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Sheryl Kraft

Sheryl Kraft, a freelance writer and breast cancer survivor, was born in Long Beach, New York. She currently lives in Connecticut with her husband Alan and dog Chloe, where her nest is empty of her two sons Jonathan. Sheryl writes articles and essays on breast cancer and contributes to a variety of publications and websites where she writes on general health and wellness issues. She earned her MFA in writing from Sarah Lawrence College in 2005.

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Would You Want to Live To 1,000?

If you're interested in anti-aging, this is interesting stuff. It's something my own doc was all excited about a year ago when he told me about a new exciting discovery scientists had made on the cellular level.

At the time, I really didn't understand much of what he was telling me but once I started to sniff around, I found some really fascinating information. It's something called telomeres. This "new" discovery has actually been in the works since the 1980s, when scientists discovered an enzyme called telomerase that is responsible for maintaining the length and integrity of the all-important and protective ends of our chromosomes, telomeres.

Telomeres are the "caps" that keep your DNA from fraying when cells divide, kind of like the way those plastic bands at the ends of your shoelaces keep the laces intact. As we grow older, they become shorter. When telomeres are frayed, your body cannot effectively replenish itself, thus leading to more aggressive aging - and disease. And just how worthy is that? Well, worthy enough to earn the three American scientists who discovered them a Nobel Prize. And worthy enough to be reminded of what we need to do to keep our bodies at their peak performance.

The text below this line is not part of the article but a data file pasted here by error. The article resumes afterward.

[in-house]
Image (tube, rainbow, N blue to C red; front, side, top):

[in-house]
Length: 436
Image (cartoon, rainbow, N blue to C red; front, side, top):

Some scientists think that the understanding of telomeres and their enzyme, telomerase, is a major key to unlocking the secrets of aging and cancer.

Shortened telomeres contribute to ills like diabetes, heart disease and lower immunity. In people over 60, it's been found that those with shorter telomeres are more likely to die of heart disease and an infectious disease than those with longer, "younger" telomeres.

So, are we powerless here? Well, no. In fact, one study from the University of California, San Francisco found that men with healthy habits like regular exercise, meditation for stress and healthy diets actually increased their telomerase levels. University of Utah geneticist Richard Cawthon estimates that we could live 1,000 years if all the processes of aging and oxidative stress were eliminated. Rather than die "prematurely," people would die from things like accidents, suicides, pneumonia and other infectious diseases.

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